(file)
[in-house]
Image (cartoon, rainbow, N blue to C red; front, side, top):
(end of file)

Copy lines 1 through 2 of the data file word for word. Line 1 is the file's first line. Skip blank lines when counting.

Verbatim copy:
[in-house]
Image (cartoon, rainbow, N blue to C red; front, side, top):